From Nov 18, 2016 on
May 4, 2017. Part 5 in the Cap and Trade, Panel Series: Resource Economies
Sponsored by EAC. “A panel series on developing Nova Scotia’s cap-and-trade system
Nova Scotia will implement a cap-and trade system in 2018. Join moderator, Dr. Meinhard Doelle, and panelists for a series of six free panel events on developing Nova Scotia’s cap-and-trade system.” Part 5 will be in Wolfville, place TBA.
May 2, 2017 in New Glascow: Rehabilitation of the Appalachian Deciduous Forest
Nova Scotia was a mosaic of different forest associations that reflected differences in rock, soil, climate and First Nations management. While a large portion of the landscape was covered with Red Spruce, the Atlantic coastline was boreal with Black and White Spruce, and well-drained uplands of Cape Breton and the Cobequids and fertile floodplains were hardwood associations. These hardwoods are northern extensions of the Appalachian Deciduous Forest and they change with climate change. The fertile floodplain portion of this Forest contains various rare elements and floodplain rehabilitation at a provincial level should be part of a continental plan to facilitate and conserve biodiversity as species distributions change and adapt to new habitats. At a local level, forest rehabilitation along rivers has the added benefits of mitigating flooding, improving water quality and wildlife habitat, and stimulating recreation opportunities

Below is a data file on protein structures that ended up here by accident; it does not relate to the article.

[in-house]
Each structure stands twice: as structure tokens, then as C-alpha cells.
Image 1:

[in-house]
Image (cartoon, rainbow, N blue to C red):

Speaker: Nick Hill, Fern Hill Institute for Plant Conservation
Place: Community room of the New Glasgow Library, 182 Dalhousie St.
Time: 6:30 p.m.
Monday, March 27, 2017: Nature’s Symbiotic Symphony
Presentation by Norris Whiston to NS Wild Flora Society. All welcome.
NS Museum of Natural History, Summer Street, Halifax 7:30 p.m. (Enter by Parking Lot entrance.)